Still, there are some who won’t be quiet. The current leader of the resistance is a guy from Oak Bluffs (of course), who over recent months has been placing little “end beach apartheid” ads in The Martha’s Vineyard Times, and writing letters to the editor about the beach situation. His name is Erik Albert, and he owns the Oak Bluffs Inn.

“I’ve always thought it was wrong you can’t walk around this Island,” he says.

But he’s not stupid and knows there’s little chance of doing anything about greater access to the truly private beaches. So he and his supporters are concentrating instead on opening up the town beaches. In some cases, this just means getting the word out to people about beaches that are open. Philbin Beach in Aquinnah, for example, was thought by Erik and many others to be a closed town beach. It is not. It’s an open beach with a town parking lot.

Jeff Burgoyne, the Aquinnah town administrator, confirms that anyone may use the beach in season, so long as they don’t park there without a town permit. Even better, at the time of writing, the town is talking to the Vineyard Transit Authority about getting the bus to stop at both Philbin and Moshup beaches, “to make the town a bit more visitor friendly.”

In another case, Erik is planning more direct action. He and other members of what he calls the free beaches “movement” are currently campaigning to force West Tisbury to open up Lambert’s Cove Beach. They are encouraged in their ambitions by a court case of a few years back involving Greenwich Point Beach in Connecticut, which is closed to all but town residents.

It began in 1995, when one Brendan Leydon filed suit after being denied access to the beach. The case went three rounds, ultimately ending up before the state supreme court, which held that the town ordinance was unenforceable and that Leydon and others should have access, because it was their right under the First Amendment of the Constitution.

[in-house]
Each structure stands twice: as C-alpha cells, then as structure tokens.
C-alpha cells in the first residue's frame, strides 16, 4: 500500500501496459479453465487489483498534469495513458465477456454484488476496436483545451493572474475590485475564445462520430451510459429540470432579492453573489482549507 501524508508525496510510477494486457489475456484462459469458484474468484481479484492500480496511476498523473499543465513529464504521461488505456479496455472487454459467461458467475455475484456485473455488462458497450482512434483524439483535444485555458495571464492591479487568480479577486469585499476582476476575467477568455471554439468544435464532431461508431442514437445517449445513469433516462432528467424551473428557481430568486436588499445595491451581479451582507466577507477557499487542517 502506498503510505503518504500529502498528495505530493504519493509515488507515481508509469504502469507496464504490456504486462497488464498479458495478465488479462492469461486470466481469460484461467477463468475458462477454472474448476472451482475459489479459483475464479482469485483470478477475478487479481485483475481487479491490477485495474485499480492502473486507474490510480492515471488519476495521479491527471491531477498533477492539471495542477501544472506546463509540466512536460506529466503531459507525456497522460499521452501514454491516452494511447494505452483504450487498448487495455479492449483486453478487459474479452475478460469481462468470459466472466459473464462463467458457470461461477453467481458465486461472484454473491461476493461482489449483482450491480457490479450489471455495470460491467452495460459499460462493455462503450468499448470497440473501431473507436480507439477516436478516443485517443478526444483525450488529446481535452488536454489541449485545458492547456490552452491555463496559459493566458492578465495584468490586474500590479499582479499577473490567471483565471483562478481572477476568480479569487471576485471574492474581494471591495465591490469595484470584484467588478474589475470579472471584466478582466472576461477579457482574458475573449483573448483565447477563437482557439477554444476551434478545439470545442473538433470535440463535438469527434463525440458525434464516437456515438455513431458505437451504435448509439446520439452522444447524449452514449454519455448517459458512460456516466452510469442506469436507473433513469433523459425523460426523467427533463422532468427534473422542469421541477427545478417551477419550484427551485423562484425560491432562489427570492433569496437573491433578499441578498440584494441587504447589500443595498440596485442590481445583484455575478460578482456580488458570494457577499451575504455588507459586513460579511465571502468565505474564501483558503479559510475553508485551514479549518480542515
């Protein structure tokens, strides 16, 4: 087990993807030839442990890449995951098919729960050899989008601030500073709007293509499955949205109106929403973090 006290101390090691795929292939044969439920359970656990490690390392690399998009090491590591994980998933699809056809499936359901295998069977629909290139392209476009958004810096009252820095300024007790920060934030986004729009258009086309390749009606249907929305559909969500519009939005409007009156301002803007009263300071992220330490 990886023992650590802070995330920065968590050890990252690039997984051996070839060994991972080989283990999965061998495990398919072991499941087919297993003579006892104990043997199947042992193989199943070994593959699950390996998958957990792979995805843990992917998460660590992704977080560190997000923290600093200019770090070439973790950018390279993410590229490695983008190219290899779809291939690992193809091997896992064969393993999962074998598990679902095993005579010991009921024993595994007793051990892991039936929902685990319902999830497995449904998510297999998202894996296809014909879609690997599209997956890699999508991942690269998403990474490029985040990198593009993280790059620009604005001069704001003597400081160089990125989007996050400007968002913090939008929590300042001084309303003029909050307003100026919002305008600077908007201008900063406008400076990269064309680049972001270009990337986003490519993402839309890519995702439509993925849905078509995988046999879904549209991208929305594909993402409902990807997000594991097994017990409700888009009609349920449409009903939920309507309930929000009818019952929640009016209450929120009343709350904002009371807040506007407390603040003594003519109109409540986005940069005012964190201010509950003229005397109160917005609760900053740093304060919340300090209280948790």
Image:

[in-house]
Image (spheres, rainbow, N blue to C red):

Because citizens had the Constitutional right to gather and conduct activities like debating and recreation in public places and because Greenwich Point had the characteristics of a public park, including a parking lot, picnic areas, shelters, ponds, and a marina, it therefore qualified as a traditional public forum. Beach access was a matter of freedom of expression!

And so, at the time of writing, Erik and his group of self-styled “freedom riders” were planning to travel by bus, bicycle, and other means that would not involve cluttering the small Lambert’s Cove car park, to test their freedom of expression this summer.

 “We’re going to walk on that one,” he says, with some bravado. “The first day it becomes a closed beach is June 25. I’m not saying we’ll be there on day one, but we’re going to go soon after. . . . I think we’ll get about thirty-five people there, law-abiding people, with kids. And lawyers, and videos.
“If they arrest us, it will make a test case; if they don’t arrest us, it will amount to a concession that they cannot legally stop anyone using the town beach,” he says.

Even if the planned summer of civil disobedience on Lambert’s Cove Beach succeeds, of course, it will add only a tiny fraction to the proportion of beaches open to the public.

When it comes to the bigger question of access to all those miles of private beach, the only real agent of egalitarianism is Mother Nature. The Vineyard is a very temporary land form. The Island’s coast is eroding fast – more than ten feet per year at some points on the south shore – and sea level is rising due to global warming. Those who cannot afford to buy their own beach access may at least derive some sense of schadenfreude from the knowledge that those who can are gradually losing their assets to the sea.